Do octopuses have emotions?


Not only do octopuses have eight arms, but they also have nine brains. To go along with all that gray matter, the researchers were curious if these intelligent creatures and other invertebrates had emotions.

Whether octopuses, squids, and crabs are sentient beings is the subject of ongoing research into animal emotions. The UK is considering changing animal rights legislation to recognize that these invertebrates can experience pain.

Kristin Andrews, a philosophy professor at York University in Toronto, is involved in ongoing research on the subject. She recently co-authored an article published in the journal Science on “The Question of Animal Emotions”.

“The philosophical problem of other minds is a problem we don’t really solve, but we decide how to deal with. We believe that at this point the best way to deal with the issue of other minds when it comes to other animals is to embrace the feelings and emotions of animals,” Andrews told Treehugger.

Andrews points out that there is a lot of research on animal emotions. At first, these studies focused primarily on monkeys and chimpanzees, but studies began to focus on other animals.

“Some of this work involves familiar mammals, such as dogs which are in many cases family members with clear emotional needs. But other research examines feelings in animals we’re less likely to have a friendly relationship with, such as insects, fish, crabs, worms and octopuses.

With all this research, Andrews says it’s time to change perceptions and accept that animals, including bees, worms and octopuses, have emotions.

“That’s not to say that humans and octopuses share the same emotions — octopus emotion can be as different from human emotion as octopus locomotion is different from human locomotion,” she says. “But only after accepting that octopuses and other animals have emotions can we begin to uncover the types of emotions they have.”

Animal emotions and the law

Animal sentience is the ability of animals to experience feelings such as pain, pleasure, joy, and fear. Sensitivity is key in animal welfare legislation in countries like Europe, the UK, Canada and Australia.

Quebec’s Animal Welfare and Safety Act, for example, recognizes that “animals are sentient beings with biological needs” and protects animal care and safety.

“However, the definitions of ‘animal’ differ,” says Andrews. “Often ‘animal’ refers to ‘non-human vertebrate.’ This definition excludes huge members of the animal tree, including octopuses, crabs, and insects. In the United States, rats and mice are also not considered animals and are not covered by the Animal Welfare Act.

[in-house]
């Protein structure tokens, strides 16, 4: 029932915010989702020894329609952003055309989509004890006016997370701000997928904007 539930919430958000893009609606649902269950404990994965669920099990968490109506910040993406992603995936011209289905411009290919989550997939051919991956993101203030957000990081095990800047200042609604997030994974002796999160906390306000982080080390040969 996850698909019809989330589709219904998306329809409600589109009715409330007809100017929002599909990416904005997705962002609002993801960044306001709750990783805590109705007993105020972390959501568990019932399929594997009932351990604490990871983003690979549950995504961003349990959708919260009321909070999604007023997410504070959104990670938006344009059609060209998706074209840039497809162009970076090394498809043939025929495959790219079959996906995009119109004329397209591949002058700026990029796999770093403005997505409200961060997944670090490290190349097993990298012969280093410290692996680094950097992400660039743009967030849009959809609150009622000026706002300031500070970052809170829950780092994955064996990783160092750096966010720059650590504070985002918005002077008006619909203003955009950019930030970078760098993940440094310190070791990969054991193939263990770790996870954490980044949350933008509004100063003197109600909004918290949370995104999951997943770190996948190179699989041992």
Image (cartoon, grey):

Currently in the UK, the Animal Welfare (Sentiment) Bill is undergoing third reading in the House of Commons. If adopted, it would recognize that decapod crustaceans and cephalopod molluscs deserve protection. Boiling them alive would be prohibited.

Decapod crustaceans include shrimp, lobsters, crayfish, and hermit crabs. Cephalopod molluscs include octopus, squid, and cuttlefish.

Sensitivity, morality and ethics

Andrews is working on a research project called Animals and Moral Practice. She says much of the research in the field has focused on the painful emotions, stress and suffering from childhood trauma when animals are separated from their mothers. Much less is known about the positive emotions of happiness and joy, although work with laughing rats has suggested that animal joy is an area worth exploring.

When society recognizes animal sentience, Andrews suggests, it creates a moral and ethical dilemma. Unlike humans, animals cannot describe what they feel.

“By recognizing that animals have emotions, we accept that animals may feel things that matter to them. A mother cow may not want to be separated from her calf, and she may suffer more because she cannot seek “A rat that’s caught in a tube feels stressed, and that could stress other rats in the environment as well,” Andrews says.

“Animals with feelings that matter to them create moral obligations for humans, because to be good people we need to think about the interests of others. We try not to make things worse for others, and often we try to make things better for them. Moral struggles abound where there are conflicts of interest, as there often are between humans and other animals. We do not offer a solution to these conflicts, but illuminate them and suggest that the best answers will come when scientists and philosophers work together.


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